Author, teacher, “book coach” and Idyllwild resident Eduardo Santiago smiled and shook his head as he recounted how his popular series began. “When you look back, what is odd is that I started this series just two months after buying the house in Idyllwild,” he said. He recalled starting without funding simply because he wanted to contribute to the town. “The beauty of this town is how many people stepped up to help.”
He remembered how Bill Shepherd attended the first author interview and presentation, and could not hear over the noise from cars on North Circle. “The second week, he brought a sound system and has provided sound for the series ever since,” said Santiago. “From that point on, the series developed a life of its own.”
Santiago is both impresario and interviewer. And for regulars, Santiago is as much a reason for attending as are his authors. He conducts interviews with humor and grace, making his authors comfortable and providing entertainment for his audience.
“What I ask is what I want to know,” he said, “how the writer’s life relates to the book they have written — their philosophy and approach to writing.”
Santiago had planned to end the series last year. “It was year five and I thought it was time to go,” he said. Then one of his students, Hollie Overton, got a major book deal. “She got her book accepted so I thought I have to do the series one more time,” he said.
Santiago has scheduled outstanding authors for series six, which begins at 4 p.m. Sunday, July 10, on the deck of Café Aroma. Santiago moved the time from 3 to 4 p.m. so that attendees could move to dinner at 5 p.m. at the cafe after the author presentation concludes.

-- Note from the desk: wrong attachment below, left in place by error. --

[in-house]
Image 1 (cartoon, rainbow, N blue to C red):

Meri Nana-Ama Danquah, author of “Willow Weep for Me: A Black Woman’s Journey Through Depression” (One World/Ballantine – 1999) opens the series. Danquah, featured author as part of Idyllwild Arts Summer Program’s Writers Week, recounts in memoir form how difficult it was to battle depression and find healing at a time when the image of black women was that of a strong and nurturing caregiver.
Born in Ghana, Danquah immigrated to the U.S. in 1973 at the age of 6 and lived with her family in Tacoma Park, Maryland. In 1991, she moved to Los Angeles to pursue a career in acting and writing. Publicity for her book notes that “Willow Weep for Me” is a “startlingly honest, elegantly rendered depiction of depression in which Danquah rises from the pages, a true survivor.”
On July 17, Natashia Deon speaks about her well-reviewed book “Grace.” The New York Times notes, “With her debut novel, ‘Grace,’ Natashia Deon has announced herself beautifully and distinctively. Ms. Deon is not merely another new author to watch. She has delivered something whole, and to be reckoned with, right now.”
On July 24, Sid Gardner discusses his currently topical novel “Crossings, A Political Fable of the Near Future” depicting a 2016 presidential race in which one candidate wants to deport 11 million undocumented immigrants.
On July 31, author Dete Meserve (“Good Sam”) returns with her latest novel, “A Perfectly Good Crime,” continuing her ongoing mission to create fiction that is both exciting and uplifting. “I’m truly convinced that there is far more good going on in this world than the news media have time or commercial inclination to tell us,” said Meserve.
And on Sunday, Aug. 7, Hollie Overton, Santiago’s student, closes the series with her breakthrough novel “Baby Doll.”
In the upcoming weeks, we will interview each author prior to their Idyllwild appearance to provide Author Series attendees more information about presenters.